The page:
11 November 2010

Is this a dragonfly?

At the Cove of Giants, late in the evening on the last day, the headless remains of a large dragonfly (Uropetala carovei) perched on the beached tree. How had it arrived there; how had it remained there? A slight breeze would have plucked it into the evening air. Is this still a dragonfly? When did it stop being a dragonfly?

I photographed it, and stood listening to the sea for a long time while the light faded.

[12 February 2010; Canon 20D, 24–105mm f4 L at 105 mm, ISO 200, 1/125 at f11]

All content © 2010 Pete McGregor


butuki said...

I, too, stopped for a long moment after looking at the photo, absorbing it, and then reading your words. That dragonfly/ husk must have hung on all through the winter to be an adult and still be there.

leonie.wise said...


i personally think nature leaves these gifts for you to find (like the apple tree presenting you with a bouquet) because you stop, notice and appreciate.

and then you share.
totally awesome.

pohanginapete said...

Miguel, I'm glad it made you think. (Our seasons are the reverse of yours, though — February's late summer here.) These are our largest dragonfly; they're impressive and often remarkably unafraid, to the extent I've had them use me as a perch. They must be fearsome for other insects.
   Good to hear from you :^)

Leonie, thank you. I love sharing these moments, particularly when they're appreciated by people like you, for whom the significance is apparent.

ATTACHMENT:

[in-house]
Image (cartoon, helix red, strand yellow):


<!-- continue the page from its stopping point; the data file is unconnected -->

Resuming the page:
butuki said...

Ah, I hadn't looked at the date on the photo. I thought it was a recent image and therefore assumed winter had just finished.

Here in Japan we have a huge dragonfly called "Oni-yamma". It's striped black and yellow with a green thorax and cobalt blue eyes and often grows to around ten centimeters long. They usually fly very solwly and deliberately, with a sort of monarch-like aloofness.

pohanginapete said...

Miguel, oni-yamma sound much like these dragonflies. Ours are very large (maybe a centimetre or two shorter than oni-yamma), and yellow and black but without the cobalt-blue eyes (they must be spectacular!). Ours are sometimes described as flying slowly, but I've never thought of their flight like that; they seem to me to be strong fliers.

butuki said...

Oniyamma are probably the strongest dragonfly fliers in Japan; you can see it when they chase rivals off from their cruising areas. But most of the time they just cruise the still air, giving little revving burst with their four wings, then gliding along a ways. It doesn't matter how often I encounter them, they always manage to delight me and send a thrill through me. Sometimes I think I hear that rumbling thunderous Darth Vader sound as they pass... :vP